The Irresponsibility of CSR
Imagine a construction worker, concerned about society at large, deciding to use less concrete in his project, with the intent of repurposing the savings to wage increases for the workers. Or a pharmacist, dispensing lower-dosage pills than prescribed, and using the money saved to benefit other “stakeholders.” We would consider these both to be crimes.
Profit, like concrete and medicine, serves a critical purpose, and to dilute it does real harm, like diluting concrete or medicine.
Or imagine a charitable institution, a non-profit, like a university, with an endowment invested in stocks, with any dividends and gains dedicated to the organization’s charitable mission. The CSR movement implicitly endorses the idea that corporate CEOs, whose expertise is in making and selling widgets, ought to also be dilettantes in figuring out how to improve their communities, and in the process earn lower profits to pass on to charity-shareholders, whose own expertise is precisely in how to do good for the community. This is a fundamental breakdown of the division of labor.
A corporate charter is a license, a permission to engage in commerce in commercial form. To revert this from its current form as a rubber-stamped registration back to a privilege granted by the state to favored parties is a perilous act. Remember, newspapers, churches, charities, think tanks, even labor unions have corporate forms. Once charter-granting is politicized, it may not end the way its promoters think it will. As Mises famously wrote in Human Action:
No socialist author ever gave a thought to the possibility that the abstract entity which he wants to vest with unlimited power — whether it is called humanity, society, nation, state, or government — could act in a way of which he himself disapproves. A socialist advocates socialism because he is fully convinced that the supreme dictator of the socialist commonwealth will be reasonable from his — the individual socialist's — point of view, that he will aim at those ends of which he — the individual socialist — fully approves, and that he will try to attain these ends by choosing means which he — the individual socialist — would also choose.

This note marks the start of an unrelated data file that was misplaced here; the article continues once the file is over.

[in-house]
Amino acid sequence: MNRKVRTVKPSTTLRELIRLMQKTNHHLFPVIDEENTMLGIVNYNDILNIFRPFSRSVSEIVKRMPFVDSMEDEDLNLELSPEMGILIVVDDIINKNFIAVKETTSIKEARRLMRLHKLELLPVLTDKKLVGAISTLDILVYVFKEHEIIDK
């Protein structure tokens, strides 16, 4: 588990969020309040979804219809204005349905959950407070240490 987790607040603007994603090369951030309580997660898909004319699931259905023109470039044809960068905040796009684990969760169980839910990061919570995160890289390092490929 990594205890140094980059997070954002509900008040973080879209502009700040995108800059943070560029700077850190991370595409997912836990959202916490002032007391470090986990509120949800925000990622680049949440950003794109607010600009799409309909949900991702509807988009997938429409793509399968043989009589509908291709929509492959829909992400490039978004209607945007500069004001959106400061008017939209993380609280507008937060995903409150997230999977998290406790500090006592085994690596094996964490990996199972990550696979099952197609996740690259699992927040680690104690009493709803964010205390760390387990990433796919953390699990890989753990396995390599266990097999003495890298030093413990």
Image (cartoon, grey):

And to the Business Roundtable, we should ask, why they, as Hayek wrote in 1933, “have not sufficient belief in capitalism to defend it with a clear conscience”?
- Reprinted in the Appendix to The Road to Serfdom: Text and Documents, The Definitive Edition .. Reprinted in the Appendix to The Road to Serfdom: Text and Documents, The Definitive Edition .
- 1. Arthur Schweitzer, “Big Business and the Nazi Party in Germany,” The Journal of Business of the University of Chicago, Vol. 19, No. 1 (Jan., 1946), pp. 1-24.
- 2. John Good, “Reich and Responsibility,” Reason, July 1996, p. 42; Robert Kutter, “Rewarding Corporations that Really Invest in America,” Bloomberg.com, 26 February 1996
- 3. Henry Hazlitt, Economics in One Lesson, chapter 21